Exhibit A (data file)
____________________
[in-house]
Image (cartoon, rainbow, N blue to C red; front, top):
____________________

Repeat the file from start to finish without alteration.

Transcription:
[in-house]
Image (cartoon, rainbow, N blue to C red; front, top):